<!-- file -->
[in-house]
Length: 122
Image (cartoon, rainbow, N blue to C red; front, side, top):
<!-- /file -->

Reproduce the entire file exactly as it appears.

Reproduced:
[in-house]
Length: 122
Image (cartoon, rainbow, N blue to C red; front, side, top):